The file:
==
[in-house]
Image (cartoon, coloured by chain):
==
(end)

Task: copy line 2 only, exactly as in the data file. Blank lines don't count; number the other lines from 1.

Image (cartoon, coloured by chain):